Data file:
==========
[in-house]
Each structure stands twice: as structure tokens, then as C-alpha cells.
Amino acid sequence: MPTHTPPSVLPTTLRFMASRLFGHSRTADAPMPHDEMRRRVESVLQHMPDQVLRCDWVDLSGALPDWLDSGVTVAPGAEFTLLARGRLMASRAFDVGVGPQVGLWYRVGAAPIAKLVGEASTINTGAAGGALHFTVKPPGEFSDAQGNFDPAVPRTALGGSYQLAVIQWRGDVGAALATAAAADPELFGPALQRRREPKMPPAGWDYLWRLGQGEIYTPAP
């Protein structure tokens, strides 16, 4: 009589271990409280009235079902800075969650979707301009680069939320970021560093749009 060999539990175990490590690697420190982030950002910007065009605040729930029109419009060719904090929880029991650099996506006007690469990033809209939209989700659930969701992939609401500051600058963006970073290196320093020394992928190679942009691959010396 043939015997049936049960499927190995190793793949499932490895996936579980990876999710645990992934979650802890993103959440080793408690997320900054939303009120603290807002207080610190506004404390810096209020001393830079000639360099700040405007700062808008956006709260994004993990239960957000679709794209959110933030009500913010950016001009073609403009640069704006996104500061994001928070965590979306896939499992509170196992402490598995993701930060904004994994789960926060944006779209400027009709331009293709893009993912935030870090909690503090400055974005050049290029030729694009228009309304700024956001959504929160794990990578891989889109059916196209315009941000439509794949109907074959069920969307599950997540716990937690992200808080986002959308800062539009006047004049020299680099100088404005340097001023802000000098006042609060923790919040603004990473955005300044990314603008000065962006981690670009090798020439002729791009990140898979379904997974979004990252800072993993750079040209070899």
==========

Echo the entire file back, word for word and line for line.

[in-house]
Each structure stands twice: as structure tokens, then as C-alpha cells.
Amino acid sequence: MPTHTPPSVLPTTLRFMASRLFGHSRTADAPMPHDEMRRRVESVLQHMPDQVLRCDWVDLSGALPDWLDSGVTVAPGAEFTLLARGRLMASRAFDVGVGPQVGLWYRVGAAPIAKLVGEASTINTGAAGGALHFTVKPPGEFSDAQGNFDPAVPRTALGGSYQLAVIQWRGDVGAALATAAAADPELFGPALQRRREPKMPPAGWDYLWRLGQGEIYTPAP
């Protein structure tokens, strides 16, 4: 009589271990409280009235079902800075969650979707301009680069939320970021560093749009 060999539990175990490590690697420190982030950002910007065009605040729930029109419009060719904090929880029991650099996506006007690469990033809209939209989700659930969701992939609401500051600058963006970073290196320093020394992928190679942009691959010396 043939015997049936049960499927190995190793793949499932490895996936579980990876999710645990992934979650802890993103959440080793408690997320900054939303009120603290807002207080610190506004404390810096209020001393830079000639360099700040405007700062808008956006709260994004993990239960957000679709794209959110933030009500913010950016001009073609403009640069704006996104500061994001928070965590979306896939499992509170196992402490598995993701930060904004994994789960926060944006779209400027009709331009293709893009993912935030870090909690503090400055974005050049290029030729694009228009309304700024956001959504929160794990990578891989889109059916196209315009941000439509794949109907074959069920969307599950997540716990937690992200808080986002959308800062539009006047004049020299680099100088404005340097001023802000000098006042609060923790919040603004990473955005300044990314603008000065962006981690670009090798020439002729791009990140898979379904997974979004990252800072993993750079040209070899």